On Aug. 12, a Payson resident filed paperwork to launch a recall of Payson Mayor Tom Morrissey, Vice Mayor Janell Sterner and councilors Jim Ferris and Suzy Tubbs-Avakian.
Stan Garner, the widower of Payson Councilor Su Connell, filed the petition paperwork. Garner says he is working with a group of concerned citizens and filed the paperwork on behalf of the group.
To force a special election, the group must gather 770 signatures to recall the mayor and 1,653 for each of the three council members in the next 120 days.
The petition forms detailed grounds for the recall of each council member. The Aug. 8 firing of Town Manager LaRon Garrett figured in all the complaints.
At press time, only the mayor had replied to a request for comment on the recall effort.
Morrissey reiterated what Ferris said when he moved to remove Garrett — the town manager serves at the pleasure of the council and the council no longer was pleased with Garret’s performance — especially after Morrissey heard, “many instances where citizens expressed their unhappiness with Mr. Garrett and their treatment by other staffers.”
Morrissey said he understood that when “LaRon chose to move this issue to a public setting when it was scheduled to be done in private” it “seems to be what triggered the emotional response more than anything.
“I don’t live in a bubble,” said Morrissey. “It is not a secret that some folks have been upset with this last election. However, trying to change the outcome of the election is quite a slap in the face of Payson residents. Who out there thinks they have the right to try and usurp the voters’ will? Apparently, these folks do.”
On each of the recall applications, the committee detailed grounds for the recall.
Regarding Morrissey, the petition stated, “His conduct and decision making have been divisive and have damaged the morale of town staff, town committees and volunteers. Choosing to remove a 25-year employee without cause, or give a reasonable notice, is costing the Town taxpayers many tens of thousands of dollars and potential liability.”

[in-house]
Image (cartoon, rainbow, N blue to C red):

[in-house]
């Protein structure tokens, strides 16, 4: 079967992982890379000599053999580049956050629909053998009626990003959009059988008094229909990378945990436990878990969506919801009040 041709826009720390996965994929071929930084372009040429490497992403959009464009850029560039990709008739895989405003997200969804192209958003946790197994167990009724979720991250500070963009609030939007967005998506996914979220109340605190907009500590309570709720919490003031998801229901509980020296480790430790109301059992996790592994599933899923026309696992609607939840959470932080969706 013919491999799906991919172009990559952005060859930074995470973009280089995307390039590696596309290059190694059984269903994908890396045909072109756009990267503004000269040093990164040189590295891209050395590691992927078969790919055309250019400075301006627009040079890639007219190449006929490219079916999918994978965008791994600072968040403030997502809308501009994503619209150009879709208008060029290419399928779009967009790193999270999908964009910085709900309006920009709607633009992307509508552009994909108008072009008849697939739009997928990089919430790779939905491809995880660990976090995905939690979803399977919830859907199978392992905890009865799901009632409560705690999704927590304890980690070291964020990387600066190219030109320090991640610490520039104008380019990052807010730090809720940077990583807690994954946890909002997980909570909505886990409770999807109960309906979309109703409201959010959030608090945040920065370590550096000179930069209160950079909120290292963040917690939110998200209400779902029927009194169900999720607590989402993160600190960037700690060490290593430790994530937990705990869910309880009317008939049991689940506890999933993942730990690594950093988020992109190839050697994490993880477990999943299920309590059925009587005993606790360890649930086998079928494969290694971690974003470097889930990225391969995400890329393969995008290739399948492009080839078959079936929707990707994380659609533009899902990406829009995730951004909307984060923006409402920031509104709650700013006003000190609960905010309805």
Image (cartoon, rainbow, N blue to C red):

For Tubbs-Avakian, the petition stated, “disregard for ethical decision making hurts economic development, staff retention, and Town morale.”
In Sterner’s case the petition said, “Her actions regarding the former town manager have cost the taxpayers of Payson thousands of dollars and have hurt the morale of our wonderful town staff. The taxpayers deserve a council that works to unite the many different factions of Payson to ensure a better future for us all.”
The recall committee got more specific with Ferris, who moved to remove Garrett. The petition said, “Failing to follow ethical best management practices in removing a 25-year employee without cause and with only a few hours notice has placed an unnecessary financial burden on Town taxpayers. In disregard of the public’s request to know, when pressed for an answer, Councilman Ferris refused to give the reasons for his abrupt actions or even to enumerate a single reason.”
The group has 120 days to gather signatures from registered Payson voters. If the signatures qualify, the town will then hold a special election for Payson voters only, which would probably take place in the spring.
It will take 770 signatures to recall the mayor, but 1,653 for each councilor. That’s because the town’s statute sets the number of signatures according to the last time a council or mayoral race coincided with a general election.
Payson Town Clerk Sylvia Smith said both the Gila County Recorder’s Office and the Town verify the signatures. If enough signatures qualify, only then would the council schedule an election.
In response to the financial concerns of the recall committee, Morrissey said, “Their action to implement a recall effort is what will cost the town thousands of dollars if they are successful in holding a special election.”
Garner has agreed to serve as chair for the recall committee. He did not indicate who was on the committee.
He said this is the first time he has seen a recall effort like this in Payson.
“This is probably the single most diverse group I have been associated with,” he said. “You’ve never seen anything like this, they are very upset.”
The council last week on a 4-3 vote ousted Garrett, giving him until noon the next day to clean out his desk.